Israeli Defense Minister Moshe Yaalon expressed skepticism over U.S. Secretary of State John Kerry’s efforts to revitalize peace talks between Israel and the Palestinians, saying he was “acting out of misplaced obsession and messianic fervor.” After a harsh rebuke from the White House—“to question his motives and distort his proposals is not something we would expect from the defense minister of a close ally,” a State Department spokeswoman said Tuesday—Yaalon apologized. Kerry, meanwhile, brushed off the comments, saying that he and Israeli Prime Minister Benjamin Netanyahu are “both very committed to moving the process forward.”
Former Israeli Prime Minister Ariel Sharon, who died on Saturday at 85, was honored this week during a state memorial service before his funeral. “He insisted on our right to defend ourselves so that we may live here securely,” said Prime Minister Benjamin Netanyahu. “Today, too, we remain adamant on this right, which is a vital condition for our existence here and for the existence of peace.”
U.S. Vice President Joe Biden eulogized Sharon at the service. “Like all historic leaders, all real leaders, he had a North Star that guided him—a North Star from which he never, in my observation, never deviated,” he said. “His North Star was the survival of the State of Israel and the Jewish people, wherever they resided.”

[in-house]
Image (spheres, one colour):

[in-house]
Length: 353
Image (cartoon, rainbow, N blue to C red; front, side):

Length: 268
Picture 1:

Last week Tel Aviv unveiled a memorial to gays and lesbians killed during the Holocaust, in the country’s first monument to non-Jewish victims of Nazi atrocities.
After Janet Yellen was confirmed to lead the Federal Reserve last week, President Obama tapped Stanley Fischer, former head of the Bank of Israel, for the number two spot. Fischer, a former professor at the Massachusetts Institute of Technology, is a dual citizen of the United States and Israel.
A Berlin museum foundation and the heirs of Jewish Holocaust-era art dealers are still in a stalemate over who the rightful owner of the Guelph Treasure—a trove of a quarter billion dollars worth of gems and artwork—should be after a government commission failed to make a recommendation this week.
The National Jewish Book Council has announced its annual awards, which honor FDR and the Jews by Richard Breitman and Allan J. Lichtman, The Lion Seeker by Kenneth Bonert and Melissa R. Klapper’s Ballots, Babies and Banners of Peace among others.
Reversing an earlier decision, the Chief Rabbinate of Israel will now accept the authority of New York-based Modern Orthodox rabbi Avi Weiss. The Rabbinate had previously rejected Weiss’ letter confirming the Judaism of a couple who wanted to wed in Israel, saying it would investigate Weiss’ adherence to Jewish law—a move that sparked outrage in the United States.
Photo courtesy of Wiki Commons.